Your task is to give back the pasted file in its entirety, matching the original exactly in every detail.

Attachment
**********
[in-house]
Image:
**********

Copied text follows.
[in-house]
Image: